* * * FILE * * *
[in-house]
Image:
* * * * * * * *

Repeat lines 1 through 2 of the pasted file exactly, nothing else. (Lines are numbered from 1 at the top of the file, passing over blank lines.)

[in-house]
Image: